While listening to potelbat Ep. 18 I was introduced to Obsidian Portal, I looked at it and thought, “This is kind of cool to use as a repository for all things campaign related.” Working with Obsidian Portal proved both easier and harder than I expected.
I created my one free campaign to see how things would work out from the GMs side of campaign creation and to see how quickly I could break it. I’m glad that the programmers linked to a textile help page so I could start muddling with how I can get tables and different things to display properly.
Dealing with Obsidian Portal is a bit of a bear, especially for the uninitiated. I’m going to give a few examples of what I do for player characters, NPCs, and general wiki entries. I’ll also show a basic layout that allows for quick reading while getting across as much info as possible.
Today’s article is going over the basics of the character wiki pages. In the next article I am going over how Slugs are used, how links are created and modified, and how tables can be used to simply create a quick character sheet without CSS.
The first two things that are needed are what you’d need on paper. Generally I’m copying off of scratch pad or filled character sheet anyway. Obsidian Portal provides a Description and a Bio; both are useful though I’ve mentally separated them into crunch with leading flavor text in the Description, leaving all of the fluff that you and the player want.
Since this is about the character sheets specifically, I’ll touch on a few of the entries that come up only on character pages. For all examples I’m going to be using Draeks from the Lepskin Council.
What it says on the tin. This is what the character is called and what will be displayed at the top of their page. This also will become the slug seed if a slug isn’t chosen.
The slug is the most important thing you can adjust. This is how everyone for this campaign links back to the character. Preferably this is something simple such as first name, last name, nick name, or generic description. It is important to keep it short and unique since other people will use it and can use it when not mentioning a character by name, such as Gands.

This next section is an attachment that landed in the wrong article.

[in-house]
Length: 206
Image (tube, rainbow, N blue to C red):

Han1, Bothan3, itswhomnotwhat, or Fettissarlacfood
This is the way to order your characters and wiki entries. This works just like the ones on The Mad Adventurers Society, click on them and you get taken to a page with all of the things tagged with this. Usually this is done at creation, but anyone who has access to the page can add tags. Again, this calls for brevity in what is put in. I can put in
Lepskin Council as a tag, but
The Council would be preferable, unless there is more than one Council. Normally I toss in everything I can come up with, for Draeks I put in tags to show his links and where he can be found. It’s not crucial, but it doesn’t take long and it’s quite recommended to do at the time of character creation since it is so easy to forget.
Examples for Draeks:
Bothan, Council, Commander, Rebel, and Catiwhinn
This section is a small description that everyone who is browsing the character section will see. Leaving this description blank is an option, but one that should be exercised rarely since it just becomes a list of names without anything for context. Even short three word phrases work and can be enough to spark some imagination for what the character is.
This section has two uses. One is a description of how the character is and acts and should be short, manageable paragraphs to keep from painting people into corners when thinking about the character. The description is also for putting ‘the crunch’.
The crunch is the hardest part to do since all it contains is numbers and simple descriptions’; making it readable is near painful. Obsidian portal is putting together a series of Dynamic Style Sheets that use Cascading Style Sheets and information skimmed from the description section. Sadly the one for Edge of the Empire and Age of Rebellion is nonfunctional and ends up overwriting existing information in spots.
For this I have thrown together a table that looks okay and is fairly serviceable for putting things in an organized fashion.
This is where the fluff goes, even if you don’t put anything in this section the vestigial section still shows up for everyone. Character history blurbs are great but a new character or NPC doesn’t need a long one since the character is at the start and everything before should be more boring than what is about to happen, or the character is about to die. A slowly growing journal adding a paragraph or two after each session or adventure is a good idea and gives a bit of history to an established character, this also allows for people to remember what happened a year ago in a fast moving campaign.
The Check Boxes:
Check those that apply. Having people constantly e-mailing updates to other members or their GM can quickly lead to either ignoring notifications from Obsidian Portal all together, or cause the one receiving the notifications to take a negative view of the one causing them.
At the time of writing this I don’t know CSS and haven’t played around with it much beyond fixing other peoples pages. It is something I hope to get good at since it seems to be easily learn-able.